For Valerie
I will walk slowly for awhile,
Although I wish for quicker stride.
My spirit wants to dance and run;
My body holds that hope inside.
But as I linger down the path,
Perhaps it’s only I who sees
The subtle-colored flowers
And sunlight-filtered trees.
I will be gentle for awhile;
It seems my heart grows larger now.
And people never understood
Are loved as only pain shows how.
As mercy grows and judgement ends,
My heart is learning to receive.
I’m finding strength to look inside
And feel that gentleness for me.
I will be silent for awhile,
In case the angels find me home.
I heard that in Gethsemane
They didn’t leave the Lord alone.
For though my suffering pales to His,
I know our Father is the same.
So I will wait for them to come,
As I walk slowly with my pain.

I Didn’t Know you Slept Below

I didn’t know you slept below.

We came to visit like the rest,

Where headstones tell the history

Of those who didn’t make it west.

I said the stories; tried to tell

The little boys who climbed the stone

Of “blessed, honored pioneers,”

Not knowing I spoke of our own.

Did you listen from above,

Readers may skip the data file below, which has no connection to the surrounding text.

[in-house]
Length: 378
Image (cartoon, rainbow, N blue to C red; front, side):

Truly glad we finally came?

As I spewed history to my sons,

Did you listen for your name?

But we just threw a blanket down,

Played with the kids and had a snack.

We snapped a picture by your grave,

Your name emblazoned on the plaque,

Then drove away.  You stayed behind-

Your life given for my own.

Please forgive my tourist heart-

I didn’t know you slept below.

I wrote this poem after discovering that my ancestor died at Winter Quarters, Nebraska during the mass migration across the United States and was buried in a mass grave. A well-known sculpture now marks the burial site. I visited the site years ago with my husband and two sons, before I knew about my family history. I had no idea he slept below.

The statue that marks the mass grave where three of my ancestors are buried.